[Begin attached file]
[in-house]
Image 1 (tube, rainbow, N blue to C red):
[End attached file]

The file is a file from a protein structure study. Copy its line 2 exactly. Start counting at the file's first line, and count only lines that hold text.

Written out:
Image 1 (tube, rainbow, N blue to C red):